You’ll have to read the full article, but he points to advanced tech, growing platform utilization and member growth, and top executives as factors driving growth. Likewise, he projects 21x returns for SoFi stock by 2030. While we likely won’t hit that before then, buying today is a solid way to capture meme stock momentum through the summer.

Spirit Airlines (SAVE)

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Spirit Airlines (NYSE:SAVE) may not seem a typical meme stock, but it became one earlier this month. Meme stock enthusiast Dave Portnoy reported that he “Just Bought A Ton of Spirit Airlines Stock” before advising readers that “I Am Not A Financial Advisor.”

Portnoy may not be offering financial advice, but there’s an undeniable meme upside to this airliner.

Portnoy’s investment followed headline news featuring the acquisition between JetBlue Airways and Spirit. The proposed 2022 deal set the purchase price at $33.50 per Spirit share, though shares traded in the $ 20 range as investors waited for the deal to close.

That gap between $33.50 and $20 highlighted a major opportunity, attracting traders en masse. However, regulatory authorities thwarted these expectations by rejecting the deal based on anti-competitive concerns, causing Spirit’s shares to plummet rapidly.

But Portnoy thinks the stock will rebound alongside other classic meme stocks. He reported buying options at $5.80 per contract and that he “[needs] it to be over 7 bucks by March.” He bases his investment on the theory that “there is a chance this ruling from the court is appealed/overturned or maybe the Gov bails them out again.”

Sounds like classic meme stock due diligence to me.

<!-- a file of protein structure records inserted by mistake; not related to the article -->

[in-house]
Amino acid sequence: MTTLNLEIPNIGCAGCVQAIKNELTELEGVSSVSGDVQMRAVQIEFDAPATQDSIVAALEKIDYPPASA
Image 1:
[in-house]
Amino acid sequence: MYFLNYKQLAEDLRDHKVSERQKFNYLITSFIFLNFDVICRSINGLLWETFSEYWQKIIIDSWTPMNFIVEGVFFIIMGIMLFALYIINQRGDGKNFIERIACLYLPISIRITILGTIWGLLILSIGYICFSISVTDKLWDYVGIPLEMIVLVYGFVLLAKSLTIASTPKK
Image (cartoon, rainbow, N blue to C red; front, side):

ChargePoint Holdings (CHPT)

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ChargePoint Holdings (NYSE:CHPT) is at the bottom of this meme stock list for a reason. The company’s stock price is in the gutter, and it will take a miracle for the stock to rebound rapidly.

Hopes and prayers are the foundation of meme stock management, and CHPT has better odds than most when it comes to outsized opportunities, considering its dirt-cheap pricing.

ChargePoint is still aggressively expanding its global charging network despite leading the national market. The costs involved in negotiating with landowners and developers while maintaining a diverse array of EV chargers are substantial.

Rising interest rates made debt financing costly, slowing down ChargePoint’s expansion efforts. Additionally, tighter household budgets impeded the trend toward EV adoption.

But the Fed’s rate cut hints could reverse these challenges. Lower car loan rates may boost EV adoption, and ChargePoint’s prudent financial management positions it well for the future.

The company has relied on cash reserves, avoiding its $150 million credit line and deferring its earliest debt repayments to 2028. This strategic approach allows ChargePoint to leverage cheaper debt for expansion if rates drop. Though it’s a gamble that requires all the stars to align perfectly, this EV bet is a solid one if you’re looking for meme stocks.

On the date of publication, Jeremy Flint held no positions in the securities mentioned. The opinions expressed in this article are those of the writer, subject to the InvestorPlace.com Publishing Guidelines.

Jeremy Flint, an MBA graduate and skilled finance writer, excels in content strategy for wealth managers and investment funds. Passionate about simplifying complex market concepts, he focuses on fixed-income investing, alternative investments, economic analysis, and the oil, gas, and utilities sectors. Jeremy’s work can also be found at www.jeremyflint.work.